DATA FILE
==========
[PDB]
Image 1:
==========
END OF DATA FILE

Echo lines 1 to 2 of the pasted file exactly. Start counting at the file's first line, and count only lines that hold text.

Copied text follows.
[PDB]
Image 1: